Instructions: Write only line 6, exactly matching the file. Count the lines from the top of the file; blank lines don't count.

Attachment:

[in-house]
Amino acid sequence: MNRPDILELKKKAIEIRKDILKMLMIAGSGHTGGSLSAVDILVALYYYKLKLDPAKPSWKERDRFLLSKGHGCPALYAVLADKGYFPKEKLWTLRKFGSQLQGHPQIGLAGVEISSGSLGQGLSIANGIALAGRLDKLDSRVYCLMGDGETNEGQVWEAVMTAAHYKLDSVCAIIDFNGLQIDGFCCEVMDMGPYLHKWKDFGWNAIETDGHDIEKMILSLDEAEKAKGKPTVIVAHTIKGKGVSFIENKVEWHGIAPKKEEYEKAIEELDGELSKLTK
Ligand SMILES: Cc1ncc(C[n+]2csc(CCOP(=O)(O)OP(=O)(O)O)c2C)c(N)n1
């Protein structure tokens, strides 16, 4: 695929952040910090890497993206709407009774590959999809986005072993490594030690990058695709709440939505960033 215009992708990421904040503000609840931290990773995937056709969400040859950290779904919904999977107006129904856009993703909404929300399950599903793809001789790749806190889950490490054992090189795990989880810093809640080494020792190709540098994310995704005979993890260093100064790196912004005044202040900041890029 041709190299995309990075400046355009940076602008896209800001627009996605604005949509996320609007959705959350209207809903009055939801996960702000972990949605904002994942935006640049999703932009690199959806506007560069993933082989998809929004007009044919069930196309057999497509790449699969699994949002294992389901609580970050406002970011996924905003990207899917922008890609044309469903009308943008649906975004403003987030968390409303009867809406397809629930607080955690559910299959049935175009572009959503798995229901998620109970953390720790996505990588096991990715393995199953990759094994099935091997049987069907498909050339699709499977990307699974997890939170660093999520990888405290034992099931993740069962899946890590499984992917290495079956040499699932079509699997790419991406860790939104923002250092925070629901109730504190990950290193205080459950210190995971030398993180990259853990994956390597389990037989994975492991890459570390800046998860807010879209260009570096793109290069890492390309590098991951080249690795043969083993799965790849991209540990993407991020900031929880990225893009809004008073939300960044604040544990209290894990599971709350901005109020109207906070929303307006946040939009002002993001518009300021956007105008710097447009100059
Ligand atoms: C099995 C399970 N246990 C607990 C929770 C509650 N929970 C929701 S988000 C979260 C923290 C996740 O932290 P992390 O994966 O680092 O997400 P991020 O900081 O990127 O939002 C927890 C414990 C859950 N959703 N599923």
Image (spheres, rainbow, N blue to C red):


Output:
Image (spheres, rainbow, N blue to C red):